If one were inclined to participate in daily celebrations, there seems to be calendars filled with national and international days from which to choose.
There is a lack of public fanfare for most of these celebratory days, but if one has some spare time to browse the various internet sites, the abundance of days and ways to celebrate becomes perfectly clear.
While meandering from site to site one recent day, I came across a calendar that goes from January to December and has every day covered, sometimes with more than one event per day. What a task it must be for the person behind the scenes to co-ordinate all these potential reasons to rejoice or to ponder.
For the most part these days are frivolous in nature, designed for a good laugh. The names tell the tale: national pickle day, peanut butter day, tea day, national stuffing day, take a friend to lunch day, and so on. But the tone of the celebration is usually reflected in the name.
On Nov. 16, for instance, I learned it will be a Day for Tolerance. I thought it might be the perfect time for me to stop being upset with rude and poor drivers. Instead I would exercise tolerance and overlook their behaviour behind the wheel.
For instance, I wouldn’t glare at the driver behind me who honks his horn when I stop for a pedestrian. And I wouldn’t shake my fist at the person who changes lanes without signalling and then makes a rude gesture when I tap on my horn to alert him to my presence. That’s mighty tolerant of me!
Upon further examination, I learned the International Day for Tolerance is backed by the United Nations and is a serious attempt for all of humanity to respect the differences among us, to learn from each other and to live peacefully. I can go along wholeheartedly with the thought behind the day.
Another celebration on the same day also has some good intentions, but I celebrated this particular event days before I knew there might be a party.
Check Wipers Day, windshield wipers that is, has only been a thing since 2021 when the perfect date was believed to be May 16. That changed a year later to Nov. 16 and is now, supposedly, observed in Canada, the United States, Europe and Asia. I guess it hasn’t caught on yet as a story for The National on CBC.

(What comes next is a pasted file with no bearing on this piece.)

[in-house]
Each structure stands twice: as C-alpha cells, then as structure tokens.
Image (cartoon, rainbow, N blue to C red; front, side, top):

The purpose for checking the wipers is to ensure optimum visibility in all kinds of weather, from snow storms in winter to rainy days in the spring and summer.
Michelin did a survey in which 92 per cent of drivers agreed that poor blades affect one's driving ability; despite that 90 per cent didn’t plan to check their blades; and imagine this: 55 per cent confessed they didn’t know how to check their blades!
Ten days before I knew about the Nov. 16 celebration I received, not a gold star, but a green check mark, to show that the wiper blades on my vehicle passed the wiper test with flying colours. The test, by the way, was conducted by a qualified blade tester so I am confident my vision will not be impaired by wipers that don’t efficiently wipe.
But I don’t always rely on this professional tester: when the forceful use of the snow scraper shredded one of my wipers last winter, I had it attended to immediately. The garage person agreed with my diagnosis and in a matter of moments I was on my way with brand new wipers (after paying of course.)
I watched how they were installed and in a pinch, and if I were taller or had a stool, I believe I could install them on my own. I wonder, though, if they would receive the green check mark of approval?
Joyce Walter can be reached at firstname.lastname@example.org
The views and opinions expressed in this article are those of the author, and do not necessarily reflect the position of this publication.